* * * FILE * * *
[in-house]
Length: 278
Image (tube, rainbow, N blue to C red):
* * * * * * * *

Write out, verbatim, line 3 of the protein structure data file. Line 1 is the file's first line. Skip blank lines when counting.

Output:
Image (tube, rainbow, N blue to C red):